In Front of a True Friend

By Stan Mitchell
Joe was an avid golfer. He was also an elder in a local church. It had been a frustrating week, and he hoped to make up for it on Saturday with some links-therapy.
But the day dawned raw and windy. He felt clumsy and uncoordinated in his heavy jacket, and the gusting crosswinds made hitting the ball down the fairway a lottery. Joe’s shots whipped and bounced unpredictably. On the eighteenth hole he had to make three puts after hitting the green.
He was livid. Entering the dressing room and seeing no one, he flung his golf club against the wall, and as it clattered to the floor, he gave the door a mighty kick. Then he turned and saw David, his best friend.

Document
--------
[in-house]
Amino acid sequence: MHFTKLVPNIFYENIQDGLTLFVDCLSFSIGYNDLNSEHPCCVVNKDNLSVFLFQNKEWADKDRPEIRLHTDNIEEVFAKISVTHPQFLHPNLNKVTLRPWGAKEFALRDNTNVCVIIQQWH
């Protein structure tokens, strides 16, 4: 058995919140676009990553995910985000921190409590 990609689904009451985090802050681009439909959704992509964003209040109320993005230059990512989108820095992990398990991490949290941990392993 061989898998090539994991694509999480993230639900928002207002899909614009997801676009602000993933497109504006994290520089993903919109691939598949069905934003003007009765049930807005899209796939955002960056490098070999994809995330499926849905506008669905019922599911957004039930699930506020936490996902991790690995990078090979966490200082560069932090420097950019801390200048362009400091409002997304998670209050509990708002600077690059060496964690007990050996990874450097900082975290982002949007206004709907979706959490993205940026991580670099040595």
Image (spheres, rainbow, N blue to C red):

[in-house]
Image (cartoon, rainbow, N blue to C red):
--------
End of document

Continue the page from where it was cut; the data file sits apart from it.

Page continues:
“Not having a good day are we?” David’s smile was grim.
Joe was immediately ashamed. He had let his temper control him rather than the other way around. “Dave,” he said, “I’m really sorry you had to see that. I have no excuses.”
“On the contrary,” David replied, “I’m glad I saw it!”
“Huh? What do you mean?” asked the puzzled Joe.
“It’s simple. I’m your friend, and I won’t tell anyone what I saw. This can be our secret!”
“Whoever covers an offense seeks love, but he who repeats a matter separates close friends” (Proverbs 17:9, ESV).
Someone has said that our friends love us in spite of our bad points, and our enemies hate us in spite of our good ones. It is not necessary to repeat everything that we know, and the mark of a truly good friend is his willingness to gently put our mistakes to rest. This week, you will make a mistake. May you do so before a true friend!

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